Cars Fiat 500e Builds a Greener Future for Chrysler

Published on November 30th, 2012 | by Joshua S Hill


2013 Fiat 500e Recharges The Electric Vehicle

November 30th, 2012 by  

Fiat is planning on introducing the all-new 2013 Fiat 500e in the second quarter of 2013, and the company believes that this new small car “electrifies the next chapter of the brand’s legacy by embodying the FIAT brand’s simple, purposeful and fun-to-drive values – through iconic style, engaging dynamics and an environmentally responsible zero-emissions design.”

Whatever that means.

Fiat 500e Builds a Greener Future for Chrysler

“The Fiat 500e changes the paradigm in an electric vehicle market that’s quickly becoming crowded,” said Tim Kuniskis, Head of FIAT Brand North America. “The Fiat 500e offers iconic Italian design and a great combination of performance and range, with battery technology that delivers consistent performance across all weather conditions.”

Time and time again I’m surprised by my editor’s insistence* that I write these car pieces. Why? you might ask? Because I’m nearly 30 and I still haven’t bothered getting my drivers license. I don’t get cars, but here I am reporting on them anyway.

To be fair, this new little Fiat looks really beautiful and according to the information provided by Fiat it is building towards a much greener future.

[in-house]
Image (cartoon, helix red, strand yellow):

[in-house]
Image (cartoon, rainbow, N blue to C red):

The new 2013 Fiat 500e is “designed to be a no-compromise electric vehicle” by building on the early Fiat “Cinquecento’s successful small-car formula” by introducing an all-new battery-electric powertrain that is capable of producing 111 horsepower, recharges in less than 4 hours, and delivers nearly 130 kilometres (80 miles) of estimated driving range and over 160 kilometres (100 miles) in the city with no tailpipe emissions.

The 500e also comes with an all-new, world-class chassis and suspension for the new electric powertrain and an increase of 13% in aerodynamics thanks in part to over 140 hours of wind tunnel testing and refinement.

The Fiat press release is filled with hyperbole that simply leaves me baffled, but for those who want to witness the reason some public relations officers are paid more than others, here are a few highlights:

  • The all-new Fiat 500e pushes its iconic Italian design forward with its wind-tunnel-sculpted shape and retro-futuristic dot-matrix styled cues for a cutting-edge look.
  • Inside, 2013 Fiat 500e fuses retro-futuristic design with unique EV technology elements for an environment comprised of simplicity with innovation.


All in all, the new Fiat 500e will be a highlight of the 2013 automotive year and is set to arrive at the FIAT Studios in California sometime during the second quarter of 2013.

Source: Chrysler

*Editor’s note: no writer is ever pressured to cover any particular story; however, a number of stories (regarding different types of cleantech) are throughout the day provided to writers to choose from (if they’re into them). 😀

Check out our new 93-page EV report, based on over 2,000 surveys collected from EV drivers in 49 of 50 US states, 26 European countries, and 9 Canadian provinces.

Tags: , ,